Famed Baylor St. Luke's surgeon linked to 2015 heart transplant patient deaths

Newly released federal documents obtained by ProPublica and the Houston Chronicle connect famed heart transplant surgeon O.H. "Bud" Frazier, MD, of Houston-based Baylor St. Luke's Medical Center, to a rash of patient deaths at the hospital in 2015.

The documents are part of the two publications' ongoing series investigating Baylor St. Luke's heart transplant program, which lost CMS funding in August after failing to ensure patient safety and routinely exhibiting poor patient outcomes.

Here are six things to know:

1. Under a Freedom of Information Act request, ProPublica and the Houston Chronicle obtained typed notes prepared by a CMS surveyor during the agency's most recent investigation into the hospital's heart transplant program this summer. CMS began investigating the hospital after Baylor St. Luke's suspended its heart transplant program in June following two patient deaths. The notes also detailed the factors behind the deaths of seven patients in 2015 who died within a year of their heart transplant surgeries.

2. The surveyor's notes included an interview with an unidentified surgeon, who the publications determined to be Andrew Civitello, MD, the program's top cardiologist. The notes indicated the rash of patient deaths in 2015 stemmed, at least in part, on "a retiring surgeon" who "wouldn't stop performing transplants," the report states. The publications identified the retiring surgeon as Dr. Frazier. Dr. Civitello told the publications through a hospital spokesperson that he did speak with CMS about staffing changes at the hospital, but said the notes did not accurately reflect his remarks.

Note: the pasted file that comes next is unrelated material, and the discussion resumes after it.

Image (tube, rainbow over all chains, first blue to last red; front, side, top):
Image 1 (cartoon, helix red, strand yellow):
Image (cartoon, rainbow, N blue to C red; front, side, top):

3. Additional documents obtained by the publications revealed Dr. Civitello was not the only physician CMS interviewed in December 2017. A second Baylor St. Luke's heart transplant surgeon reportedly explained "one surgeon had bad outcomes" in 2015, and that the deaths, in part, related to how the hospital had been selecting patients eligible for transplants and donors. However, it is unclear which physician with "bad outcomes" the unidentified surgeon was referring to.

4. ProPublica and the Houston Chronicle sent Baylor St. Luke's and its affiliated Dallas-based Baylor College of Medicine a list of questions about their interactions with Dr. Frazier and his outcomes, but the institutions declined the request, citing pending litigation by Dr. Frazier against the publications. Dr. Frazier, who started the heart transplant program in 1982, stopped operating as its lead surgeon sometime in 2015. However, he has remained active in the program, conducting research and sometimes advising surgeons. He also declined the publications' request for comment.

5. Documents obtained by the publications indicate Baylor St. Luke's had poor heart transplant outcomes before the recent deaths. Between 2000 and 2003, when Dr. Frazier still ran the program, only 77 percent of the heart transplant recipients survived at least one year after their surgeries, the report states. Baylor St. Luke's said patient outcomes had improved in 2016 and 2017. However, CMS said in June the hospital had not corrected the previously identified issues, and terminated its Medicare funding in August.

6. Baylor St. Luke's heart transplant program reopened after a brief suspension in June and has continued to treat the 83 patients on its waiting list. However, the program did not perform any heart transplant surgeries in June or July, according to the report.

To access the full report, click here.

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